Life On The Job


Stephen Robert "Steve" Irwin (22 February 1962 - 4 September 2006) - ZOOKEEPER, WILDLIFE EXPERT, TV PERSONALITY

Steve Irwin dies

Steve Irwin was nicknamed "The Crocodile Hunter", was an Australian wildlife expert, television personality, and conservationist. Irwin achieved worldwide fame from the television series The Crocodile Hunter, an internationally broadcast wildlife documentary series which he co-hosted with his wife Terri.

Crocodile Hunter

Together, the couple also owned and operated Australia Zoo, founded by Irwin's parents in Beerwah, about 80 kilometres (50 mi) north of the Queensland state capital city of Brisbane.

Australia Zoo

Irwin died on 4 September 2006 after being pierced in the chest by a stingray barb while filming an underwater documentary film titled Ocean's Deadliest. The Sea Shepherd Conservation Society ship MY Steve Irwin was named in his honour.
(Source: Wikipedia)

DID YOU KNOW?

The MY Steve Irwin is the 59-meter (194 ft) flagship of the Sea Shepherd Conservation Society, and used in their direct action campaigns against whaling and other activities the group opposes. The vessel was built in 1975 and formerly served as a Scottish Fisheries Protection Agency conservation enforcement patrol boat, the FPV Westra, for 28 years.

Sea Shepherd had originally christened the vessel the MV Robert Hunter after Canadian Robert Hunter,co-founder of Greenpeace, but it was renamed in honor of The Crocodile Hunter star Steve Irwin on December 5, 2007. Irwin had considered joining the vessel on a voyage to Antarctica shortly before his death, and the renaming was endorsed by his widow Terri.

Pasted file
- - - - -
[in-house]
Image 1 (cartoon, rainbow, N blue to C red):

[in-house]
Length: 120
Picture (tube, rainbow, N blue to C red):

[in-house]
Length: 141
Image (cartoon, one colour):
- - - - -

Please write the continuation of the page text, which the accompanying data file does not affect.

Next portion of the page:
(Source: Wikipedia)

Steve Irwin Ship
(Image Source:
Queen of Toys)

Experiences:

Stephen Robert Irwin was born to Lyn and Bob Irwin on 22 February, 1962, in upper Fern Tree Gully, Victoria. He moved with his parents and two sisters to Beerwah, Queensland, where his folks opened the Beerwah Reptile and Fauna Park in 1970.

In the 1980s Steve spent months on end living in the most remote areas of far North Queensland catching problem crocodiles before they ended up shot by a poacher’s bullet. He worked with his little dog, Sui, and developed crocodile capture and management techniques that are now utilised with crocodilians around the world.

In 1991 Steve took over managing the wildlife park and met Terri Rains.

In 1992, the couple embarked on filming a wildlife documentary with John Stainton from the ‘Best Picture Show’ company. The show was so successful it turned into a series and the Crocodile Hunter was born.

After Steve’s parents retired in the 1992 Steve worked tirelessly to improve and expand his wildlife park.

In 1998, the wildlife park was renamed "Australia Zoo"
.
(Source: Crocodile Hunter)


Opportunities:

After moving to Queensland, Bob and Lyn Irwin started the small Queensland Reptile and Fauna Park, where Steve grew up around crocodiles and other reptiles.

Irwin became involved with the park in a number of ways, including taking part in daily animal feeding, as well as care and maintenance activities. On his sixth birthday he was given a 12-foot (4 m) scrub python. He began handling crocodiles at the age of nine after his father had educated him on reptiles from an early age.Also at age nine he wrestled his first crocodile, again under his father's supervision.He worked as a volunteer for Queensland's East Coast Crocodile Management program and captured over 100 crocodiles, some of which were relocated, while others were housed at the family park.